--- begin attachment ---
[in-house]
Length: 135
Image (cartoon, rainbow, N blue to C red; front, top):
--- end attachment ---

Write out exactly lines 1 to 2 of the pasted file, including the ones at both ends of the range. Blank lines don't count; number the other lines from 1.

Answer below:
[in-house]
Length: 135